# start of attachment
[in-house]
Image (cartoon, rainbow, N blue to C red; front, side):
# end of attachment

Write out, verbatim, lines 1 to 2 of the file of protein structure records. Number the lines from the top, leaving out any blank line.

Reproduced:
[in-house]
Image (cartoon, rainbow, N blue to C red; front, side):